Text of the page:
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Big Meat pulls from Big Oil’s playbook to delay climate action

U.S.-based agro-giants have spent hundreds of millions obscuring the role meat and dairy play in climate change

Producers of meat and dairy products love to talk about their commitment to health. But whose health are they really promoting?

A new study from New York University says top international food producers are lagging behind industries that are actively trying to cut greenhouse gas (GHG) emissions. Worse, the researchers say, U.S.-based agro-giants have spent hundreds of millions campaigning against climate action and obscuring the role meat and dairy play in damaging the planet.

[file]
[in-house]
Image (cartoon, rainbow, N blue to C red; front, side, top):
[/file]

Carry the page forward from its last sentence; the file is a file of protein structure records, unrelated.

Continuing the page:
It’s enough to make you switch to bean burgers.

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Calgary’s billion-dollar Benevity bets that good deeds are their own reward

Bono-backed tech firm says companies that engage their workers in social missions enjoy 57% lower employee turnover

What do former vice-president Al Gore, rock star and U2 frontman Bono, and Canadian-born Jeff Skoll, the first president of eBay, have in common?

All three have become prominent social entrepreneurs – hands-on philanthropists seeking new solutions to global ills. And all three are now invested in a Calgary company called Benevity, whose mission is to “help the world’s most iconic brands bring their purpose to life.”